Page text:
Children learn through touch. Even adults understand things better when their sense of touch is stimulated. Just imagine a museum of technology (any kind of technology!) in which you are allowed to touch most of the displayed objects, to discover, to experiment: what can be more interesting for a child and their family?
Deutsches Museum in München is hosted in a huge building, with an inner yard, not exactly in the centre of the city, but in an accessible area, where there are enough parking lots. After entering the museum, we can notice and understand various physical phenomena and follow the development of technology on many levels. The exhibition presents electrostatic phenomena: the famous experiment with the measure of length which we rub against our clothes and when we place it close to our heads we see that it attracts the hairs (who hasn’t already done it in school can try to do it now!), optical phenomena: how we see through various convex, concave lenses, etc., important achievements in the history of technology: the invention of the train, of the phone, of oil wells, of planes, of cars, of the satellites, of music instruments, of medical technical equipment… almost everything which crosses your mind when you think of technology. And now the best part: almost EVERYTHING can be experimented and tested; visitors can do short experiments or get on various cars, trains, the command desks of some train stations, hydroelectric power plants, telephone stations, etc.
In this absolutely amazing place we stayed almost half a day, without seeing all the things we could have seen and without getting bored (although the youngest member of our group was three). The children got tired by climbing up cockpits of fighter aircrafts, getting in vintage vehicles, in racing cars, on ships, on tanks. We saw a section into a plane and a section into a satellite (we could not get into them because they were suspended) and we understood what is behind and above us when we are on a plane. As if this hadn’t been enough, at the basement there was an area dedicated to children (!!!) where they could do experiments with water, they could understand moon phases and the rotation of the Earth, while they were in its position (they were the Earth), they could get into the huge resonance box of a guitar in order to understand sound propagation, etc., etc., etc.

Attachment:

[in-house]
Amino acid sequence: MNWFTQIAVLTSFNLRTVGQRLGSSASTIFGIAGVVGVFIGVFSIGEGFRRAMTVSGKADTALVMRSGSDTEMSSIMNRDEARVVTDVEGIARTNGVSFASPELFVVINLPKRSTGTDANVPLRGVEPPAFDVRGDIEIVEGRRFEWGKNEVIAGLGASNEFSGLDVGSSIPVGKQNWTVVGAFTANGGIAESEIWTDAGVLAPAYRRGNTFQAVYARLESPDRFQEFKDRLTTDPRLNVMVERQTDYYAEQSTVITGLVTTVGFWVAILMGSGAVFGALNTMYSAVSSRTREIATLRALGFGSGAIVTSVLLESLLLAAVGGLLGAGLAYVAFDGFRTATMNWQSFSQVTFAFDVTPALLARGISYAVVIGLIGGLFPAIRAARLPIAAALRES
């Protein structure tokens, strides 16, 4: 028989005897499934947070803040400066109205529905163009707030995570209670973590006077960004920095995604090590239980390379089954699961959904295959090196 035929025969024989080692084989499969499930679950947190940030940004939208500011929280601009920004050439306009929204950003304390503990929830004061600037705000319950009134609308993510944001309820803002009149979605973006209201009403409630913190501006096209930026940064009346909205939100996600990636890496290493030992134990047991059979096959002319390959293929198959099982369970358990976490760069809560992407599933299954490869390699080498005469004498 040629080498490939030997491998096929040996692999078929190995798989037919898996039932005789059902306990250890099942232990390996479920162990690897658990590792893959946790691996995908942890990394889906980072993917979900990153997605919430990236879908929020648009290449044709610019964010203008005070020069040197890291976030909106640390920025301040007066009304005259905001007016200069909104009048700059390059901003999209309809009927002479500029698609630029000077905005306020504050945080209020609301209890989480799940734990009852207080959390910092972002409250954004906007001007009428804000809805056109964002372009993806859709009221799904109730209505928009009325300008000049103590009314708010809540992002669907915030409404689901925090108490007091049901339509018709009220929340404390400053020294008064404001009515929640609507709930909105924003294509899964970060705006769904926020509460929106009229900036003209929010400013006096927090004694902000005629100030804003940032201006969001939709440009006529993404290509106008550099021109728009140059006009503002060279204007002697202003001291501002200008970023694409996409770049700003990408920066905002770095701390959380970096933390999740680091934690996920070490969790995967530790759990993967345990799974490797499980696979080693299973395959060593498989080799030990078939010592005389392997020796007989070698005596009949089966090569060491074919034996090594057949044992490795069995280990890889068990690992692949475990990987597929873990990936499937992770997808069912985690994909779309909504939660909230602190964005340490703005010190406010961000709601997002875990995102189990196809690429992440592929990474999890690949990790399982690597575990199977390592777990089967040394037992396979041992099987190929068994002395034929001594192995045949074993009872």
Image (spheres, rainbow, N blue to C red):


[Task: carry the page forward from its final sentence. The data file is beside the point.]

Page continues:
Therefore, Deutsches Museum in München can easily become a vacation spot itself, it’s a museum which one does not visit only once if one happens to be there. The visit can be finished in the museum shop which is always buzzing, because it has innumerable souvenirs and games stimulating logical thinking and curiosity.
It’s a perfect place for the whole family, every member of the family has something to do, having at their disposal everything they need in order to fulfill their physiological needs: restaurants, toilets, relaxation spaces, etc.
I was thrilled (among other things) to test my pulmonary capacity (I feel fine and I don’t suffer from asthma), my child didn’t understand why, a few weeks after that visit, when we visited a similar museum in Romania, he cannot touch anything or get in any vehicle, the adults in the group were impressed at the area dedicated to aerospatial technology and at the area of experiments designed for children and of dioramas. They also noticed the organic way in which the coming out of use of a technology normally leads to its placement into a museum: the telephone exchange, the control console of a plant, a furnace, etc., before arriving in front of us, had been used for years, and the patina and the visible wear made them more valuable, completing the experience.
In conclusion, YES, we recommend Deutsches Museum in München for the whole family, from small children (2-3 years old) to 99 + people.